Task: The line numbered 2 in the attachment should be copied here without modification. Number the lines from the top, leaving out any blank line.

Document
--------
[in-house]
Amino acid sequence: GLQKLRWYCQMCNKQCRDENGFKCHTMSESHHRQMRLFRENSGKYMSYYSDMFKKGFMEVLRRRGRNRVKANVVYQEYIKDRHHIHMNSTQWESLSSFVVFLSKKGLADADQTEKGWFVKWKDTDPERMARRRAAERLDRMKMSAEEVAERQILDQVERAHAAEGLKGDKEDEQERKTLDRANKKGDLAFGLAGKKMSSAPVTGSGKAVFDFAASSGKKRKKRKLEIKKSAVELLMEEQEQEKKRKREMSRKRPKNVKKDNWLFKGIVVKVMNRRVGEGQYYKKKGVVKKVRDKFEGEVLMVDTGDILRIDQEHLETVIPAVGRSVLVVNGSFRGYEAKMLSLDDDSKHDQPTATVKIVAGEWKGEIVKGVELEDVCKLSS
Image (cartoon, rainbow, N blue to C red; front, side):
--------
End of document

Amino acid sequence: GLQKLRWYCQMCNKQCRDENGFKCHTMSESHHRQMRLFRENSGKYMSYYSDMFKKGFMEVLRRRGRNRVKANVVYQEYIKDRHHIHMNSTQWESLSSFVVFLSKKGLADADQTEKGWFVKWKDTDPERMARRRAAERLDRMKMSAEEVAERQILDQVERAHAAEGLKGDKEDEQERKTLDRANKKGDLAFGLAGKKMSSAPVTGSGKAVFDFAASSGKKRKKRKLEIKKSAVELLMEEQEQEKKRKREMSRKRPKNVKKDNWLFKGIVVKVMNRRVGEGQYYKKKGVVKKVRDKFEGEVLMVDTGDILRIDQEHLETVIPAVGRSVLVVNGSFRGYEAKMLSLDDDSKHDQPTATVKIVAGEWKGEIVKGVELEDVCKLSS